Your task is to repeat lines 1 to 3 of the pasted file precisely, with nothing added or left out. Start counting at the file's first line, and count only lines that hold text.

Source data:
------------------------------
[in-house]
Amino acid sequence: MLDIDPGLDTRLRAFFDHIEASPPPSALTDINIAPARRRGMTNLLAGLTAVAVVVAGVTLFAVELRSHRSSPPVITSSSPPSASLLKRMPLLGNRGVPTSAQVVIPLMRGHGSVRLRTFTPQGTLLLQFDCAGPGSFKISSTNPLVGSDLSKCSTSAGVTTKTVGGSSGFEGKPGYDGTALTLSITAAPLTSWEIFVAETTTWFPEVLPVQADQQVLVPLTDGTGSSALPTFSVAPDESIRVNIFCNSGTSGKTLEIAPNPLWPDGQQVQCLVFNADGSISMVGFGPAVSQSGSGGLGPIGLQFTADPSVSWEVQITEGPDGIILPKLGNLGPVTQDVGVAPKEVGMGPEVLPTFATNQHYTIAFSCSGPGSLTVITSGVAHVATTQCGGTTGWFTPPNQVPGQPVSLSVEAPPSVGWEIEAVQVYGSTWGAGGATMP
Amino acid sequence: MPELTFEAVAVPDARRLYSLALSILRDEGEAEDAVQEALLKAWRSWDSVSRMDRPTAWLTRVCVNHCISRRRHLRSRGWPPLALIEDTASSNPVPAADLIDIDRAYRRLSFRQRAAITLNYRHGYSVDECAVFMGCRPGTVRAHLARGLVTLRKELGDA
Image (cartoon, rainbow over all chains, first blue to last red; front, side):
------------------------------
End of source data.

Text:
[in-house]
Amino acid sequence: MLDIDPGLDTRLRAFFDHIEASPPPSALTDINIAPARRRGMTNLLAGLTAVAVVVAGVTLFAVELRSHRSSPPVITSSSPPSASLLKRMPLLGNRGVPTSAQVVIPLMRGHGSVRLRTFTPQGTLLLQFDCAGPGSFKISSTNPLVGSDLSKCSTSAGVTTKTVGGSSGFEGKPGYDGTALTLSITAAPLTSWEIFVAETTTWFPEVLPVQADQQVLVPLTDGTGSSALPTFSVAPDESIRVNIFCNSGTSGKTLEIAPNPLWPDGQQVQCLVFNADGSISMVGFGPAVSQSGSGGLGPIGLQFTADPSVSWEVQITEGPDGIILPKLGNLGPVTQDVGVAPKEVGMGPEVLPTFATNQHYTIAFSCSGPGSLTVITSGVAHVATTQCGGTTGWFTPPNQVPGQPVSLSVEAPPSVGWEIEAVQVYGSTWGAGGATMP
Amino acid sequence: MPELTFEAVAVPDARRLYSLALSILRDEGEAEDAVQEALLKAWRSWDSVSRMDRPTAWLTRVCVNHCISRRRHLRSRGWPPLALIEDTASSNPVPAADLIDIDRAYRRLSFRQRAAITLNYRHGYSVDECAVFMGCRPGTVRAHLARGLVTLRKELGDA